Although the impact of the 1958 Nottingham and Notting Hill riots, seen as “racial events” pitting black immigrants against white “natives” must not be underestimated [p. 60], Britain’s watershed was the 1965 Race Relations Act, which heralded “a significant philosophical departure from reigning British policy” [p. 35] which until then had been colour-blind (all citizens are equal before the law), by forbidding “access discrimination” based on skin colour in certain public places. In addition, lawmakers did not make racial discrimination a crime, preferring to rely on conciliation (through “the first domestic race institutions in post-war Western Europe” [p. 62], such as the Race Relations Board, aka RRB) and if that was not enough, on civil law [p. 52]. Originally, the Labour leadership was favourable to criminalization, but a group of active lawyers lobbied the government into modifying the bill to reflect the US civil approach, after personally seeing in America that it was almost impossible to obtain convictions using criminal procedures [pp. 52-55]. In spite of the unquestionable level of racial intolerance which existed in Britain at the time, and although a fair share of Labour’s core voters were receptive to anti-immigration rhetoric, later embodied by Enoch Powell, the law was passed in a Labour-Conservative consensus, which only the radicals in each party criticised.

Interestingly enough, the issue of discrimination was largely detached from that of immigration which split the political chessboard along partisan lines [pp. 90-91]. From then on, British law and institutions recognized colour as a defining factor. The words themselves were also directly imported from the USA—the term “race” itself was deemed fit to describe the British context and became tacitly accepted as reference. The Race Relations Act “created and implanted perceptions among actors that British problems were close parallels to American problems of race and racism” [p. 61].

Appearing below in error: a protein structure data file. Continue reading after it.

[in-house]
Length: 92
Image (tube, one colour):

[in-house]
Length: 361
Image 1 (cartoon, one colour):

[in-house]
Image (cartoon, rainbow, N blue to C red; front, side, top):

Still under the pressure of progressive lobbyists, the 1968 Race Relations Act (chapter 3) widened the scope of the law to employment and housing, and strengthened the powers of the RRB, but it stopped short of mentioning religious discrimination, while Northern Ireland was left out of the scope of the law [p. 97]. Bleich emphasizes the role of Home Secretary Roy Jenkins, who was keen to push his liberal agenda of the “civilized society,” and foresaw the issue of second-generation immigrants [pp. 70-72], and of newcomers such as antiracist “civil associations” [p. 65]. The emphasis was on the need to maintain social order” [p. 73] and avoid a US-style scenario of racial confrontation. The issue remained depoliticized as a free vote was allowed in the Commons [p. 83], in spite of Enoch Powell’s anti-immigration “Rivers of Blood” speech a few days before. The late 1960s saw “the birth of race as an autonomous policy sphere” [pp. 73, 84-85]. The 1976 Race Relations Act went a little further, allowing litigants to go straight to a civil court without filing a complaint with the RRB first, which had little power of enforcement and redress, and often took months to make a ruling. The definition of discrimination was also widened to include indirect discrimination, whether intentional or not [p. 101], and allowed a “soft form of affirmative action, known in Britain as positive action” [pp. 101-102]. “Group-equality logic” was introduced although quotas were not [p. 105] and “no incentives were offered to induce [positive discrimination] action” [p. 107]. The law was thus slowly but moderately amended. As a matter of fact, courts have always stuck to a very restrictive interpretation of the anti-discrimination laws [p. 108].